SW: Oh, it’s clear: the Bible! A lot of Jamaicans’ feelings about female reproductive health — or even the rules about what women are allowed or not allowed to do — come from religion. And in Jamaica, that’s Christianity. If you think about the way the Bible talks about periods, the word ‘unclean’ comes up a lot. Even some Rastafarians in Jamaica actually do believe that a woman should be shut away and not allowed to come out until her period blood has been passed. Girls are taught to wash their underwear as soon as they remove it and not to let anyone know that she’s on her period. She needs to keep it to herself. Men and women are taught this way. But women push it more than men do.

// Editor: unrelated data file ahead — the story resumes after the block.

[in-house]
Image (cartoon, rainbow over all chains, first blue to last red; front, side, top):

Women community activists are honoured at a brunch hosted by Her Flow Foundation. Shelly-Ann Weeks is sixth from the right. Photo courtesy Her Flow Foundation, used with permission.

EL: In the schools you have visited, what was the response from teachers, students, and guidance counsellors?

SW: The teachers and counsellors love the book — there is nothing like it out there. There isn’t really a consistent way of teaching these matters; a lot depends on the personal whims of the teachers. We visited primary schools, where many girls have already started their periods. We insist that boys are a part of the class. If the boys are included, they know what’s going on. They’re exposed to something they never understood before. We invoke empathy in them; we teach them how to be more supportive. Engaging boys can only be a positive thing.

I think it’s important not to talk “at” the girls. We tend to underestimate how much information they can handle. It helps to show them that you know what it’s like.

What I have learned is that the biggest roadblock to all of this is their parents…especially the mothers. They should know that being kept in the dark is not helpful! The person who is hurt the most is the child.